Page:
Gender is defined in a range of different ways. The following provide some useful definitions for the purposes of this plan. The distinction between sex and gender is crucial when looking at the issue of gender. The term sex refers to the biological differences between men and women. The term gender refers to the different roles and responsibilities that societies and cultures impose on men and women, because of their biological differences. The behaviours expected from women and men are based on a perception that certain qualities and roles are “natural” for women, whilst other qualities and roles are “natural” for men. These non-biological factors influence who we are, how we should behave and what we can aspire to. Patriarchal gender relations support men over women. They are perpetuated and reinforced through sexist behaviour and institutional practices. Non-profit
organisations are not exempt from this practice. In a developmental context, the term gender equity is about ensuring that women and men have equal understanding of, access to and control over social and political and economic resources in post-apartheid South Africa.

Empowering women is key to reducing poverty and food insecurity which are central to women being vulnerable. There is a strong correlation between hunger and gender inequalities. The Marginalised Groups Indicator 20195 report shows that, on average, 40,6% of female-headed households were without an employed household member. Gender equality is regarded as an important determinant of food security.6However, during 2019 approximately one-tenth of female-headed households (11,1%) reported having suffered from hunger as compared to 9,7% of male-headed households. HISP endeavours to ensure that we do not fall into the trap of perpetuating the above narrative, whether consciously or subconsciously. Ensuring that we work hard at closing the gender pay gap, which is contained in our Employment Equity Plan (EE Plan), is one such means to deal with the gender inequalities.


Gender equality has always been a core value of the struggle for a democratic South Africa. This value was immediately adopted into the country’s governance processes with the establishment of the new dispensation in 1994 and has been enshrined in the 1996 Constitution of South Africa. It is the strong political commitment to this value that has moved the South African government to craft gender sensitive national priorities.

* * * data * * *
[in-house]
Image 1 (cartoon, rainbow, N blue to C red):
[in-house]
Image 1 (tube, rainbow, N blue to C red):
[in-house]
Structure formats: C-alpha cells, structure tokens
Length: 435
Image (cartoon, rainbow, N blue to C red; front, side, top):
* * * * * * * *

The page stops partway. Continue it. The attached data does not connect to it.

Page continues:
The commitment to achieving gender equality has:

  • motivated South Africa to accede to regional and international instruments promoting gender equality, increased awareness of gender issues in all spheres of life
  • enhanced the integration of gender considerations into government policies and programmes.

Work-life balance is an important aspect of a person’s life, moreover for employed women. HISP
recognises this and encourages women to plan their time well in fulfilling normative expectations by
taking responsibility for child-rearing and domestic work.

Defining work-life balance involves looking at how working people manage time spent at and outside
of work. Time outside of work may include managing relationships, family responsibilities, and other
outside interests and hobbies.

HISP-SA encourages our female employees to have a healthy balance between work and their personal
life. Some of what the organisation does:

• Offer flexible and remote working arrangement
• Encourage managers to focus on productivity rather than hours
• Encourage employees to take breaks in between their daily work hours
• Regularly review of employee workload
• Managers encourage to lead by example
• Encourage employees to take more time off during the year (managers monitor leave taken)
• Increase support for parents within the organisation
• Wellness days are organised annually in the organisation where employees benefit from
health screening?
o Body Mass Index (BMI), Glucose, Cholesterol, Blood Pressure
• Employees also benefit from a Health Risk Assessment and learn more about
o Exercising habits
o Smoking habits
o Eating habit
o Chronic illness


The workplace is an important site of human development. Many women and men spend a large part of their lives in the workplace and the conditions of employment have a strong influence on the quality of life that they experience. Added to this challenge is the effects of the COVID-19 pandemic forcing women to shift their priorities regarding taking care of their families. Women with school going kids have been affected by, reopening which is largely determined at a regional level which might be a different location to their workplace. This is also implemented with diverse approaches and varying levels of success. Furthermore, in-person instruction for students and the reopening of day-cares is not a done deal proposition. 7So, while parents, but especially women who have taken on even more during the pandemic, may get a temporary relief, outbreaks continuously force children and their families to quarantine, schools or day-cares to close temporarily, or more long-term moves to online instruction. HISP employees work primarily from home. Managers are then urged to be flexible with time when considering school and childcare demands such as dropping of and fetching children from school and day-care.